Benzodiazepines (or "benzos") are fast-acting hypnotic sedatives that are also used to treat GAD and other anxiety disorders. Benzodiazepines are prescribed for generalized anxiety disorder and show beneficial effects in the short term. Popular Benzodiazepines for GAD include alprazolam, lorazepam and clonazepam. The World Council of Anxiety does not recommend the long-term use of benzodiazepines because they are associated with the development of tolerance, psychomotor impairment, cognitive and memory impairments, physical dependence and a withdrawal syndrome. Side effects include drowsiness, reduced motor coordination and problems with equilibrioception.
Pregabalin and gabapentin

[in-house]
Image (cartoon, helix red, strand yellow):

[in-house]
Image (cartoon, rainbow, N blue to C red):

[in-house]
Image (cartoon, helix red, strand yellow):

Pregabalin (Lyrica) acts on the voltage-dependent calcium channel to decrease the release of neurotransmitters such as glutamate, norepinephrine and substance P. Its therapeutic effect appears after 1 week of use and is similar in effectiveness to lorazepam, alprazolam and venlafaxine but pregabalin has demonstrated superiority by producing more consistent therapeutic effects for psychic and somatic anxiety symptoms. Long-term trials have shown continued effectiveness without the development of tolerance and additionally, unlike benzodiazepines, it does not disrupt sleep architecture and produces less severe cognitive and psychomotor impairment. It also has a low potential for abuse and dependency and may be preferred over the benzodiazepines for these reasons. The anxiolytic effects of pregabalin appear rapidly after administration, similar to the benzodiazepines, which gives pregabalin an advantage over many anxiolytic medications such as antidepressants.